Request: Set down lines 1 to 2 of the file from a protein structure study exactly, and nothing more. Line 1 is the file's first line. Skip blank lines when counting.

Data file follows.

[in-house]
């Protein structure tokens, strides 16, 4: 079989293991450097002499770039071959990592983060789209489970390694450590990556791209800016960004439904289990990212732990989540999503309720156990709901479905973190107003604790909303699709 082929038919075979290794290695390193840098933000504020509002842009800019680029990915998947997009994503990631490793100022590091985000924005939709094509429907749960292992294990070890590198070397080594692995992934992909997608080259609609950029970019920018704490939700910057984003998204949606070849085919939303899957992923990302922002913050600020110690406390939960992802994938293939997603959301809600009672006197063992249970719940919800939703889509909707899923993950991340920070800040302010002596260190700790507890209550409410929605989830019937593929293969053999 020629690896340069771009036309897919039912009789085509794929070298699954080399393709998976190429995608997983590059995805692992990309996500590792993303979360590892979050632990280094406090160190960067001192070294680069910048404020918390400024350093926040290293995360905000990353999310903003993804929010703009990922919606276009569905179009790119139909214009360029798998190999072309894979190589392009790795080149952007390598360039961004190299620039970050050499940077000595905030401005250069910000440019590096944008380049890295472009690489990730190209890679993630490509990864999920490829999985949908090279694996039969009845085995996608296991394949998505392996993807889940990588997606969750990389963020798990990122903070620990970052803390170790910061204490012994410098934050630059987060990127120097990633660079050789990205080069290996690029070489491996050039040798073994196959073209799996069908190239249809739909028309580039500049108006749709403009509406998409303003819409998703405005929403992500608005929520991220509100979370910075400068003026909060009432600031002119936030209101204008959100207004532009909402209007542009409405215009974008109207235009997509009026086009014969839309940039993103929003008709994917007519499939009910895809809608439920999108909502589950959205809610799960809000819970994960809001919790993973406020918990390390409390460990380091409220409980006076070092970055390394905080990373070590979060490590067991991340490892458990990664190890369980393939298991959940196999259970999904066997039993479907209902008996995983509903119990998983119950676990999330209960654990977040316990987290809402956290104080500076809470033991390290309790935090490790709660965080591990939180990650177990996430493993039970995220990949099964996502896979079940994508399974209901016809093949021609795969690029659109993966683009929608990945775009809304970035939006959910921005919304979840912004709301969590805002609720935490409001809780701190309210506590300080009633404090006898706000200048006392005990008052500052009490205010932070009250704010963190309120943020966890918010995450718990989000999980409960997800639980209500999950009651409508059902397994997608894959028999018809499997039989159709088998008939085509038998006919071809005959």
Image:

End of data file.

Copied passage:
[in-house]
């Protein structure tokens, strides 16, 4: 079989293991450097002499770039071959990592983060789209489970390694450590990556791209800016960004439904289990990212732990989540999503309720156990709901479905973190107003604790909303699709 082929038919075979290794290695390193840098933000504020509002842009800019680029990915998947997009994503990631490793100022590091985000924005939709094509429907749960292992294990070890590198070397080594692995992934992909997608080259609609950029970019920018704490939700910057984003998204949606070849085919939303899957992923990302922002913050600020110690406390939960992802994938293939997603959301809600009672006197063992249970719940919800939703889509909707899923993950991340920070800040302010002596260190700790507890209550409410929605989830019937593929293969053999 020629690896340069771009036309897919039912009789085509794929070298699954080399393709998976190429995608997983590059995805692992990309996500590792993303979360590892979050632990280094406090160190960067001192070294680069910048404020918390400024350093926040290293995360905000990353999310903003993804929010703009990922919606276009569905179009790119139909214009360029798998190999072309894979190589392009790795080149952007390598360039961004190299620039970050050499940077000595905030401005250069910000440019590096944008380049890295472009690489990730190209890679993630490509990864999920490829999985949908090279694996039969009845085995996608296991394949998505392996993807889940990588997606969750990389963020798990990122903070620990970052803390170790910061204490012994410098934050630059987060990127120097990633660079050789990205080069290996690029070489491996050039040798073994196959073209799996069908190239249809739909028309580039500049108006749709403009509406998409303003819409998703405005929403992500608005929520991220509100979370910075400068003026909060009432600031002119936030209101204008959100207004532009909402209007542009409405215009974008109207235009997509009026086009014969839309940039993103929003008709994917007519499939009910895809809608439920999108909502589950959205809610799960809000819970994960809001919790993973406020918990390390409390460990380091409220409980006076070092970055390394905080990373070590979060490590067991991340490892458990990664190890369980393939298991959940196999259970999904066997039993479907209902008996995983509903119990998983119950676990999330209960654990977040316990987290809402956290104080500076809470033991390290309790935090490790709660965080591990939180990650177990996430493993039970995220990949099964996502896979079940994508399974209901016809093949021609795969690029659109993966683009929608990945775009809304970035939006959910921005919304979840912004709301969590805002609720935490409001809780701190309210506590300080009633404090006898706000200048006392005990008052500052009490205010932070009250704010963190309120943020966890918010995450718990989000999980409960997800639980209500999950009651409508059902397994997608894959028999018809499997039989159709088998008939085509038998006919071809005959």